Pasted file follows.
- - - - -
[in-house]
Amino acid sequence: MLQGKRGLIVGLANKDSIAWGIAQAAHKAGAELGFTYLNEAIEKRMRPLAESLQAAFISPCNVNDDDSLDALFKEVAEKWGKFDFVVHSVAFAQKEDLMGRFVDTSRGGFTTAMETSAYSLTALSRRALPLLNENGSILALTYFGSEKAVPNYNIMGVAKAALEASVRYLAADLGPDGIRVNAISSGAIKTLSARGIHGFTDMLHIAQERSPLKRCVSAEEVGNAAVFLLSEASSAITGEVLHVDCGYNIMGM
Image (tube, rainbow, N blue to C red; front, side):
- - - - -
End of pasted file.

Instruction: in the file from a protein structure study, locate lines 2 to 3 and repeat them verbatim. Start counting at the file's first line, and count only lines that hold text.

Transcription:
Amino acid sequence: MLQGKRGLIVGLANKDSIAWGIAQAAHKAGAELGFTYLNEAIEKRMRPLAESLQAAFISPCNVNDDDSLDALFKEVAEKWGKFDFVVHSVAFAQKEDLMGRFVDTSRGGFTTAMETSAYSLTALSRRALPLLNENGSILALTYFGSEKAVPNYNIMGVAKAALEASVRYLAADLGPDGIRVNAISSGAIKTLSARGIHGFTDMLHIAQERSPLKRCVSAEEVGNAAVFLLSEASSAITGEVLHVDCGYNIMGM
Image (tube, rainbow, N blue to C red; front, side):